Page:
Christchurch Botanic Gardens Linkage
In July 2011 the School of Biological Sciences and the Christchurch Botanic Gardens committed to work more closely together. Staff will learn from each other, call on each other’s expertise, co-supervise students, and take part in joint seminars. As part of this linkage, joint summer scholarships are offered each year.
Valued at $5000 each, a UC Summer Research Scholarship involves working on a specific research project under the supervision of an academic staff member for approximately 10 weeks over the summer period. In addition summer scholarship students will complete a short research skills programme and will give a short presentation on their research project .
See the Summer Scholarship website for full details on these projects.
2012 summer scholarship opportunities with Biological Sciences and the Botanic Gardens
Pollination effectiveness and pollinator substitution in urban landscapes
There is worldwide concern about whether anthropogenic changes are weakening ecological services such as pollination of plants by animals. The key question of this project is “How effective is natural pollination of a range of native and exotic plant species in a modified landscape?”. This will be quantified with the Pollen Limitation Index (PLI) on selected plant species, such as native orchids (Gastrodia), rare shrubs (Muehlenbeckia astonii), and bird-pollinated native trees (Knightia excelsa, Metrosideros umbellata), and some related exotic plants for comparison. This student will work in a team with another Summer Scholarship student who will be recording the density and activity of key pollinators (bellbirds and native bees) at the Botanic Gardens.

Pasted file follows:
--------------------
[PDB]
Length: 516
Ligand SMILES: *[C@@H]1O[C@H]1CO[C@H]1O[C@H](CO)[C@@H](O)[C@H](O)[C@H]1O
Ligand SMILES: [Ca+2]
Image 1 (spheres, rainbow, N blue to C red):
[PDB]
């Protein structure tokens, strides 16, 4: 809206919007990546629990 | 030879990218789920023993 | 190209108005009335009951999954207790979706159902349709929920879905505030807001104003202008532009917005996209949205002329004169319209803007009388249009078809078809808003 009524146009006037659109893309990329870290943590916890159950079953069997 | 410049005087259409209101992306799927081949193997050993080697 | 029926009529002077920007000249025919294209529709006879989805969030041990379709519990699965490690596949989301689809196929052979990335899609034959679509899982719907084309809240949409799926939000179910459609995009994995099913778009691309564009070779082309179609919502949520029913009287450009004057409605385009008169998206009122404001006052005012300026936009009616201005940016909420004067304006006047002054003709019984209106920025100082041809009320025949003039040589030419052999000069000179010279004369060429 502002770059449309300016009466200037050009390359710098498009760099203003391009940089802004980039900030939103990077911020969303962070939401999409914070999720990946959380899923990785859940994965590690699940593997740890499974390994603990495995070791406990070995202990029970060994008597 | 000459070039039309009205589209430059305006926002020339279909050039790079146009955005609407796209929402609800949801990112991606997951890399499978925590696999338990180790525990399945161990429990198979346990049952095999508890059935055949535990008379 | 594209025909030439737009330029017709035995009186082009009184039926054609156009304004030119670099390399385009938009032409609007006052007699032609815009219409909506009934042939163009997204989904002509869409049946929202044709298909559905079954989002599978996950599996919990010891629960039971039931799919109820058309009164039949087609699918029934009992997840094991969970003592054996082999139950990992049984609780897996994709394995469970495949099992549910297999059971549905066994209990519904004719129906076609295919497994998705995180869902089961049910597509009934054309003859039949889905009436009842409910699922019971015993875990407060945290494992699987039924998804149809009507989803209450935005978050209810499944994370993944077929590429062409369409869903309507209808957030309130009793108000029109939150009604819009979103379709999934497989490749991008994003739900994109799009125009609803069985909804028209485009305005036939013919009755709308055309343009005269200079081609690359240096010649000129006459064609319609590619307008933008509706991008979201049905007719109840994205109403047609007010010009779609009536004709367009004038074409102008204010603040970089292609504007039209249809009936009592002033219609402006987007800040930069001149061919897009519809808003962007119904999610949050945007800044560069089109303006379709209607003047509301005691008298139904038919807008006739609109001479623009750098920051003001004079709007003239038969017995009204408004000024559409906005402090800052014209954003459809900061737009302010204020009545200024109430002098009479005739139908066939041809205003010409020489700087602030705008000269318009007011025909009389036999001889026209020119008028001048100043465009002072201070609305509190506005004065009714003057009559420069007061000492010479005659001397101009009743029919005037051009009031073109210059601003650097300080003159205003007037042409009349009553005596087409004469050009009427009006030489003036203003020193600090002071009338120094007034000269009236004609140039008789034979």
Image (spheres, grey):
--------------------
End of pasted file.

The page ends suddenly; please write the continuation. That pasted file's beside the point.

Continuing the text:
Project Leader: Prof Dave Kelly
Urban pollinators: rare, distracted or redundant?
This project complements the other on Pollination Effectiveness, the two successful students working as a team. It aims to answer two puzzling questions that emerged from Amanda’s and Christie’s studies conducted last summer. Surprisingly, last summer’s project showed that there were high densities of native bees present in the Botanic Gardens and at other nearby sites. However, it is not known where the bees are nesting, or how vulnerable these nesting areas are. The three key native bees have nests either in clay banks (Lasioglossum, Leioproctus) or in dead twigs (Hylaeus), all of which are vulnerable to management. The first question is: “Where are the nests of native solitary bees in the Christchurch Botanic Gardens, and how can these nest sites be protected?”. The second surprising discovery was that there are good numbers of native bellbirds in the Botanic Gardens, but these birds rarely visited attractive flowers that the birds “should” be pollinating. The second key question is: “What are the densities of potential bird pollinators in the Botanic Gardens, and why do they rarely visit flowers?”.
Project Leader: Prof Dave Kelly
Botanic sentinels guard against biological invasions